State Leaders Share Achievements, Aspirations for Apprenticeships in Maryland

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Maryland DLLR Secretary Schulz presents at the MACo Summer Conference as Maryland Education Secretary Lowery looks on.

At the MACo Summer Conference, education, workforce development, and tech leaders shared progress on new programs and initiatives in connecting Maryland’s youth with careers through apprenticeships.

Delegate Eric G. Luedtke of Montgomery County moderated the session, sharing the legislature’s interest in the area of apprenticeships, and spoke about the bill he co-sponsored last session, HB942 Apprenticeship Maryland, which will create an apprenticeship pilot program beginning in the summer of 2016. Luedtke is a former teacher and a member of the House Ways & Means Committee.

State Superintendent of Schools, Lillian Lowery described how the Governor has assembled everyone around the table to make sure that Apprenticeship Maryland fulfills its aim. In Maryland, we have closely defined the meaning of college-ready, she said, and now through cross-jurisdictional work on Apprenticeship Maryland, we now have the opportunity to define what career-ready means. The College and Career Ready Standards were implemented in Maryland schools in 2013-14.

Secretary Schulz of the Maryland Department of Labor, Licensing and Regulation described how under her leadership, her department is expanding the number of apprenticeship programs and the type of apprenticeships.  Beyond the traditional apprenticeships in the skilled trades, they are reaching out to a variety of businesses and looking at best practices in South Carolina, Georgia, Wisconsin, and abroad. In Maryland, she said, we have the unique opportunity to design an apprenticeship program that suits our economy.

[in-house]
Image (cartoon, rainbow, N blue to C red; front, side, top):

Maryland Association of Community Colleges Executive Director Dr. Bernie Sadusky spoke about the need to adapt to the skill needs of a changing world. He shared how the diversity of the community colleges continues to grow, and the commitment of community colleges to educating and training a diverse student-body through modifications to their delivery instruction, class schedules, and special language offerings. With statistics on the amount of students from community colleges who make Maryland their home, he showed the importance of community college training and education in our communities. With data on salaries and wages for a range of trade careers, he emphasized the value of career training opportunities to community college students.

Prince George’s County CIO, Vennard Wright shared the broad approach that his county is taking towards connecting students to careers and, at the same time, to address the inequities in the number of minorities in technology careers. He described the variety of activities, internships, and programs that the county is implementing as part of a multi-pronged approach to improving opportunities for students. Some of the initiatives, including career days, are low-cost programs that any county could implement.

For more information about this session, see this Press Release from the Maryland State Department of Education.